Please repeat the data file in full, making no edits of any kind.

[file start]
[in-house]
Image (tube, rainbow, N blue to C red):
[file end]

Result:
[in-house]
Image (tube, rainbow, N blue to C red):